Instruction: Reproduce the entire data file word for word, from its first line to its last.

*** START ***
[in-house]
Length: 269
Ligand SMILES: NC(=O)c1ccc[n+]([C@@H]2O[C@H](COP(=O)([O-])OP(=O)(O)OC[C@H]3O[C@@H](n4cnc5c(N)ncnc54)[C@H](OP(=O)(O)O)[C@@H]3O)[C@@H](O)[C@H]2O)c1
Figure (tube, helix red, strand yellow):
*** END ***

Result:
[in-house]
Length: 269
Ligand SMILES: NC(=O)c1ccc[n+]([C@@H]2O[C@H](COP(=O)([O-])OP(=O)(O)OC[C@H]3O[C@@H](n4cnc5c(N)ncnc54)[C@H](OP(=O)(O)O)[C@@H]3O)[C@@H](O)[C@H]2O)c1
Figure (tube, helix red, strand yellow):